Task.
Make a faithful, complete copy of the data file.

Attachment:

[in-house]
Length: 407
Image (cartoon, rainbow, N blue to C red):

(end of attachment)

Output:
[in-house]
Length: 407
Image (cartoon, rainbow, N blue to C red):